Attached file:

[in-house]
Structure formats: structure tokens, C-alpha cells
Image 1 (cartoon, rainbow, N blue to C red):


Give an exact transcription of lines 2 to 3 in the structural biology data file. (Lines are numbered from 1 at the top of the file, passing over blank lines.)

Structure formats: structure tokens, C-alpha cells
Image 1 (cartoon, rainbow, N blue to C red):